The robots here don’t seem sufficiently intelligent to qualify as AI, in the usual sense of the term, but what gives me pause is the notion that CDs would still exist in any sort of future scenario. I have an easier time believing in the paper documents. The narrator’s numerous mentions of obsolescence don’t change my mind on that one.
“After” by Ron Collins
A brief appreciation of the universe.
“Blue Ribbon” by Marissa Lingen
4-H fairs out in the Oort Cloud, where space racing is part of the competition. But as the competitors in the youth races come across the finish line, there is a disturbing silence from the station, which isn’t made better when an automated message does come, informing them that the station is indefinitely quarantined and all ships are to go elsewhere to dock. Problem is, the youth racing craft aren’t equipped with FTL and can’t go anywhere else. They’re also limited in rations and life-support. In short, we seem to have an SF problem story.
This is one of the most ancient and honorable strains of science fiction and usually showcases the characters’ ingenuity in surviving a desperate situation. This YA piece, however, showcases only the characters’ character and general good sense while they sit and wait for rescue, while the narrator discourses on the family structure out in the Cloud. Which is pretty dull stuff. Realistic, no doubt, because in many actual crises there isn’t anything to do but sit and wait for rescue, but dull nonetheless.
“Second Birthday” by Elisabeth R Adams
A distinctly distasteful [intentionally] story of reviving extinct species, and the ethics involved. I suspect that the author hopes that Erika might one day stimulate someone’s prey drive.
“The Badges of her Grief” by Andrew Barton
Another old story – humans have colonized a world and enslaved its sentients as work animals, although they have now been officially recognized as autonomous. In principle. Lot of lecturing, no real story.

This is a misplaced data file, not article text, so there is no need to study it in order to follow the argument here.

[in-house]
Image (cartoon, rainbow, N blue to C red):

“An Immense Darkness” by Eric James Stone
This one is timely, very much so. Antonio and his wife were partners in a team developing programs simulating human minds, until a terrorist attack killed Shanisha. Antonio slips into depression, spending every night in the lab talking with her simulation, until a Federal agent comes to tell him they’ve caught the terrorist and want to interrogate a simulation of his mind in ways that the law wouldn’t allow to treat a living person.
He is not certain that the sensory deprivation will succeed, so he works on creating the perfect torture environment, one that simulates every one of the tens of thousands of pain receptors in the human body. He creates a control panel that will allow the sensation of pain to be localized or general, strong or mild. With all the receptors set to maximum, it will cause pain beyond anything any human being has ever experienced.
But it will just be a simulation of pain in a simulation of a brain. Nothing more than that.
What we have here isn’t really an ethical problem. It goes beyond that, when the ethical problem is solved and all that’s left is the opportunity for revenge. Even if the torturer’s victim is only a collection of zeros and ones, the problem is in the mind of the torturer, which is real.
“The Extraordinary Extraterrestrial Togo Mouse from Ghana” by Ryan W Norris
A reporter has come to see the mice and give the author an opportunity to lecture on biology for most of the text, after which we get the explanation, which is amusing if not unexpected.
Interzone, January/February 2015